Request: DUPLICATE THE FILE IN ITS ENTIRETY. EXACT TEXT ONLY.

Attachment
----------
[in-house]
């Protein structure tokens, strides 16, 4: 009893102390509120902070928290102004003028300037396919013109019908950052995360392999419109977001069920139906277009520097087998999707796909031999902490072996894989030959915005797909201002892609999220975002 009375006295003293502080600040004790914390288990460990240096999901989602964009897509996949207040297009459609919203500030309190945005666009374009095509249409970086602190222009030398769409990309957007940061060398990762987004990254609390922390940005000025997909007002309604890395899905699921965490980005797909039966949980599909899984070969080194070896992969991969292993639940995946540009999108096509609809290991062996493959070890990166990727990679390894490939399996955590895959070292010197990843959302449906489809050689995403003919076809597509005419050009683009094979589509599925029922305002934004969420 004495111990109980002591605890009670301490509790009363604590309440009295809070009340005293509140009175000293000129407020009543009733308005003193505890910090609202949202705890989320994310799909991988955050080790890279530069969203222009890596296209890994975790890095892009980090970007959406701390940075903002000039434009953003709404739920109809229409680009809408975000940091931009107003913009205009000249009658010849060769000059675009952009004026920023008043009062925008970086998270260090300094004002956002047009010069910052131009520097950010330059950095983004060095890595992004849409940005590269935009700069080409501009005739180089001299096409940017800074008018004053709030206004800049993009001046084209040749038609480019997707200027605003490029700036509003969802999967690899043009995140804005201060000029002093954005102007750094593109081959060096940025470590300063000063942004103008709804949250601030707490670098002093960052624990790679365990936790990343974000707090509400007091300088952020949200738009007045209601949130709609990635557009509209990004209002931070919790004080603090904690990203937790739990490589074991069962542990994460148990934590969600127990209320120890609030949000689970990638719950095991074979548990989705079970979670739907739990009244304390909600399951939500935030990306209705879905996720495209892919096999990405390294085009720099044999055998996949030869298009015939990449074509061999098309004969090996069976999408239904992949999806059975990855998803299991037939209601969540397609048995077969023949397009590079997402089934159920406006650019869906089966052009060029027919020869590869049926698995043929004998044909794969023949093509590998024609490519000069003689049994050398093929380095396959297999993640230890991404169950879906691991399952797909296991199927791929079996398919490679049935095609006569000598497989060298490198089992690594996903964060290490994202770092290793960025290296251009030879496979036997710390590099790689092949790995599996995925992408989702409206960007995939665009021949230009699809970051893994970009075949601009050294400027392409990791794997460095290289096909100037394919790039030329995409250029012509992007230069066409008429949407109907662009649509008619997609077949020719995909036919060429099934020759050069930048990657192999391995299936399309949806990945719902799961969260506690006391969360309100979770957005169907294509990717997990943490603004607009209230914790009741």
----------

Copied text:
[in-house]
């Protein structure tokens, strides 16, 4: 009893102390509120902070928290102004003028300037396919013109019908950052995360392999419109977001069920139906277009520097087998999707796909031999902490072996894989030959915005797909201002892609999220975002 009375006295003293502080600040004790914390288990460990240096999901989602964009897509996949207040297009459609919203500030309190945005666009374009095509249409970086602190222009030398769409990309957007940061060398990762987004990254609390922390940005000025997909007002309604890395899905699921965490980005797909039966949980599909899984070969080194070896992969991969292993639940995946540009999108096509609809290991062996493959070890990166990727990679390894490939399996955590895959070292010197990843959302449906489809050689995403003919076809597509005419050009683009094979589509599925029922305002934004969420 004495111990109980002591605890009670301490509790009363604590309440009295809070009340005293509140009175000293000129407020009543009733308005003193505890910090609202949202705890989320994310799909991988955050080790890279530069969203222009890596296209890994975790890095892009980090970007959406701390940075903002000039434009953003709404739920109809229409680009809408975000940091931009107003913009205009000249009658010849060769000059675009952009004026920023008043009062925008970086998270260090300094004002956002047009010069910052131009520097950010330059950095983004060095890595992004849409940005590269935009700069080409501009005739180089001299096409940017800074008018004053709030206004800049993009001046084209040749038609480019997707200027605003490029700036509003969802999967690899043009995140804005201060000029002093954005102007750094593109081959060096940025470590300063000063942004103008709804949250601030707490670098002093960052624990790679365990936790990343974000707090509400007091300088952020949200738009007045209601949130709609990635557009509209990004209002931070919790004080603090904690990203937790739990490589074991069962542990994460148990934590969600127990209320120890609030949000689970990638719950095991074979548990989705079970979670739907739990009244304390909600399951939500935030990306209705879905996720495209892919096999990405390294085009720099044999055998996949030869298009015939990449074509061999098309004969090996069976999408239904992949999806059975990855998803299991037939209601969540397609048995077969023949397009590079997402089934159920406006650019869906089966052009060029027919020869590869049926698995043929004998044909794969023949093509590998024609490519000069003689049994050398093929380095396959297999993640230890991404169950879906691991399952797909296991199927791929079996398919490679049935095609006569000598497989060298490198089992690594996903964060290490994202770092290793960025290296251009030879496979036997710390590099790689092949790995599996995925992408989702409206960007995939665009021949230009699809970051893994970009075949601009050294400027392409990791794997460095290289096909100037394919790039030329995409250029012509992007230069066409008429949407109907662009649509008619997609077949020719995909036919060429099934020759050069930048990657192999391995299936399309949806990945719902799961969260506690006391969360309100979770957005169907294509990717997990943490603004607009209230914790009741």